So what groups are you a member of?  Who is in your clubs and who is out?  How important are the “insiders” to you?  How do the clubs you decide to join affect how you deal with others around you?   How do the groups you belong to affect how you think?  For most of us – people who look, think, or believe like us are more likely to be correct than ones that don’t.  A lot of our activism comes from the perspective of our “in crowd.”  Tesshin reminded us that we all belong to the “club” of sentient beings.  This simple fact should always be remembered when dealing with someone we consider an “outsider.”   

 

Next, Tesshin related a discussion he had the prior week with another Buddhist clergy member.  This person has become very active in social justice issues.  They are very concerned about inequality, systemic racism, and patriarchal privilege and wanted to know his opinion on these matters from a Zen perspective.  Tesshin understood that this person has decided to join certain groups and reject others.  While Tesshin agreed with many of the issues discussed, he worried that this clergy member was still separating themselves into specific assemblages and cutting themselves off from others. Tesshin reminded his colleague that to really make progress with these issues we need to hold two competing thoughts in their mind at the same time.  Yes, there are sociopaths.  Yes, there are racists and misogynists.  However, there are also enlightened beings.  Humanity is on a spectrum!  For example, we cannot say that Thich Nhat Hanh or the Dalai Lama should be condemned because they are men and thus are part of the patriarchy!!    This would be incorrect and would help nobody.

 

Tesshin brought up this point because he wanted to remind us that all people belong to the club of sentient beings, and as such, deserve compassion.  To be clear, compassion does not mean people are not held accountable for their actions.  It does mean, however, that there is no such thing as a person so bad that they are not redeemable.   Giving up on someone is height of separation and dualism.  Again, our practice – at its core – is unity and alleviation of suffering.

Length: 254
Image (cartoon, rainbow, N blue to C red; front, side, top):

Tesshin next warned us that these are not easy matters and there is not a simple “black and white” answer.  We must balance our desire to fix the world with our commitment to be compassionate.  A person who is totally sure they are correct and imbued with an unlimited desire to fix everything becomes a tyrant.  On the other hand, someone who intones the cliché of compassion without holding people accountable becomes detached and hypocritical.  In other words, their “Dharma is dead!”     

 

So what does it mean to you to be a member of the “Sentience Club?”  How much slack do we give our fellow imperfect beings?  These are the questions we are trying to solve in living our day to day life.  In our practice, we always start from the fact that down deep – everyone is perfect – they have simply forgotten that fact.  We also understand that because of the amnesia, we all suffer.  Activism, then, is reminding people by our actions that there is a better way for all beings.  It is never about anger, but rather wisdom.  This takes time, and sometimes humanity may regress, but patience and compassion is the only way.  Tesshin wrapped up by reminding us that our work on the cushion helps us to realize and enhance our ability to balance compassion with activism.